The Gibson ES-335 is the world's first commercial semi-hollowbody electric guitar, sometimes known as semi-acoustic. Released by the Gibson Guitar Corporation as part of its ES series in 1958, it is neither fully hollow nor fully solid; instead, a solid maple wood block runs through the center of its body. The side "wings" formed by the two "cutaways" into its upper bouts are hollow, and the top has two violin-style f-holes over the hollow chambers. Since its release, Gibson has released numerous variations of and other models based on the design of the ES-335.

Archtop guitar Type of steel-stringed acoustic or semi-acoustic guitar

An archtop guitar is a hollow steel-stringed acoustic or semiacoustic guitar with a full body and a distinctive arched top, whose sound is particularly popular with jazz, blues, and rockabilly players.

Variax is the name of a line of guitars developed and marketed by Line 6. They differ from typical electric and acoustic guitars in that internal electronics process the sound from individual strings to model (replicate) the sound of specific guitars and other instruments. The maker claims it is the first guitar family that can emulate the tones of other notable electric and acoustic guitars. It also provides a banjo and a sitar tone. The Variax is currently available as an electric guitar, but modeling acoustic guitars and modeling electric bass guitars have been available in the past.

A sound hole is an opening in the body of a stringed musical instrument, usually the upper sound board. Sound holes have different shapes:

Electric mandolin

The electric mandolin is an instrument tuned and played as the mandolin and amplified in similar fashion to an electric guitar. As with electric guitars, electric mandolins take many forms. Most common is a carved-top eight-string instrument fitted with an electric pickup in similar fashion to many archtop semi-acoustic guitars. Solid body mandolins are common in 4-, 5-, and 8-string forms. Acoustic electric mandolins also exist in many forms.

Gibson ES-175

The Gibson ES-175 is an electric guitar manufactured by the Gibson Guitar Corporation. It was dropped from the Gibson lineup for 2019 after 68 years in continuous production. It is a 24​34" scale full hollow-body guitar with a trapeze tailpiece and Tune-O-Matic bridge. It is one of the most famous jazz guitars in history.

Outline of guitars Overview of and topical guide to guitars

The following outline is provided as an overview of and topical guide to guitars:

Gibson ES-330

The Gibson ES-330 is a thinline hollow-body electric guitar model produced by the Gibson Guitar Corporation. It was first introduced in 1959.

A solid-body musical instrument is a string instrument such as a guitar, bass or violin built without its normal sound box and relying on an electromagnetic pickup system to directly detect the vibrations of the strings; these instruments are usually plugged into an instrument amplifier and loudspeaker to be heard. Solid-body instruments are preferred in situations where acoustic feedback may otherwise be a problem and are inherently both less expensive to build and more rugged than acoustic electric instruments.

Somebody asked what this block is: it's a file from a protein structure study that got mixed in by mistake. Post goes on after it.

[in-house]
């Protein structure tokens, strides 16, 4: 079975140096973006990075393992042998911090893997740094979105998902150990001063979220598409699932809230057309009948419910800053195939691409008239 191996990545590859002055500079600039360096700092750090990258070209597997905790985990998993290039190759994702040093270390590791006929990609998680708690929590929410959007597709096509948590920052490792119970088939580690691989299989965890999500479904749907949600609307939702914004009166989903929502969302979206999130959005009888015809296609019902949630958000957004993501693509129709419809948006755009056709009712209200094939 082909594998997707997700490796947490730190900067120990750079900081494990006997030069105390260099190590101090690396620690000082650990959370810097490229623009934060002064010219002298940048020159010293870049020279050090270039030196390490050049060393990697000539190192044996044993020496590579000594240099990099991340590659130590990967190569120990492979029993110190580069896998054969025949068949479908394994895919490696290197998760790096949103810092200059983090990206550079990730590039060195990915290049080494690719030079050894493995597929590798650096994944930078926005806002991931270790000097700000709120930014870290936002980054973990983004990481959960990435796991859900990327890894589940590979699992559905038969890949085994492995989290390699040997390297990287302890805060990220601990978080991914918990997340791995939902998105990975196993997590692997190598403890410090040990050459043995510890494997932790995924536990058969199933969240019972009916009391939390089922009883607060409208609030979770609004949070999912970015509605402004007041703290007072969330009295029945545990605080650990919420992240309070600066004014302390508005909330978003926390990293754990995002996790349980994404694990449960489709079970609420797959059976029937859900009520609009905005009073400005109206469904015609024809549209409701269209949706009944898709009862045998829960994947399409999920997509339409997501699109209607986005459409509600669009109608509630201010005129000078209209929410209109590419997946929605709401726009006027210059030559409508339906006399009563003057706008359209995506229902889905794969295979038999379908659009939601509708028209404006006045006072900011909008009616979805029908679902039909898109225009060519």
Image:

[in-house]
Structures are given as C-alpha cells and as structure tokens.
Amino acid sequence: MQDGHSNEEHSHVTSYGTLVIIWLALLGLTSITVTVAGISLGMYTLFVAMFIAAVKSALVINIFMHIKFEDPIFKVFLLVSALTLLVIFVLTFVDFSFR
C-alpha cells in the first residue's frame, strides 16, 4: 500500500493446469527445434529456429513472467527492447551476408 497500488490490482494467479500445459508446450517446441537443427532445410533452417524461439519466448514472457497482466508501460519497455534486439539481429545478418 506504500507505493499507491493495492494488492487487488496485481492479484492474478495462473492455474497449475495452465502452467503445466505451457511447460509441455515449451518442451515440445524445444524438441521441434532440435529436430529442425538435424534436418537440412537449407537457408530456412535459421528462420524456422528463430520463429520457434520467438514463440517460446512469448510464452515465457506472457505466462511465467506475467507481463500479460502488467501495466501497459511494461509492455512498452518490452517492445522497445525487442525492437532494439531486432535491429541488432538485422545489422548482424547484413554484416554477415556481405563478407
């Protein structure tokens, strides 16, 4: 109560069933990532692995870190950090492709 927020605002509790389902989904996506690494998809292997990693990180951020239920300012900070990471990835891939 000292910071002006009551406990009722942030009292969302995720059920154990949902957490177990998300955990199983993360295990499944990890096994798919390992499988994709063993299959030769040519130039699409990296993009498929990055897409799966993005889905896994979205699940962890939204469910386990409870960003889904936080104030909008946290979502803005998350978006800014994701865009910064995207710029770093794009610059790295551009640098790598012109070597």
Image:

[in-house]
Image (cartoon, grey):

Epiphone Casino Electric guitar

The Epiphone Casino is a thinline hollow body electric guitar manufactured by Epiphone, a branch of Gibson. The guitar debuted in 1961 and has been associated with such guitarists as Howlin' Wolf, George Harrison, John Lennon, Paul McCartney, Keith Richards, Dave Davies, Paul Weller, The Edge, Josh Homme, Daniel Kessler, Noel Gallagher, Brendon Urie, Gary Clark, Jr., Glenn Frey, John Illsley, Peter Green and Dave Grohl.

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The Gibson ES series of semi-acoustic guitars are manufactured by the Gibson Guitar Corporation.

The Epiphone Sheraton is a thinline semi-hollow body electric guitar. Though the Sheraton and all its variations were introduced under the ownership of the Gibson Guitar Corporation, Epiphone is the exclusive manufacturer.

Epiphone Dot

The Epiphone Dot is a semi-hollow archtop electric guitar manufactured by Epiphone, a subsidiary of Gibson. It was introduced in 1997 as a more affordable version of the Gibson ES-335, at the high end of entry-level pricing. Reviews describe it as a robustly-constructed, versatile guitar with a smooth, powerful sound, suitable for jazz, blues and some rock styles, but lacking the high output required for heavy metal.

Gibson ES-325

The Gibson ES-325 is a thinline hollowbody electric guitar model produced by the Gibson Guitar Corporation from 1972 to 1979.

Gibson ES-137

The Gibson ES-137 is a semi-hollow-body guitar which was manufactured in Gibson's Custom Shop Memphis factory as a limited production run from 2002 - 2013. It was a relatively new design in Gibson's ES line which was not based on a vintage instrument, as many of Gibson's instruments are. The ES-137 is available in two models, Custom and Classic.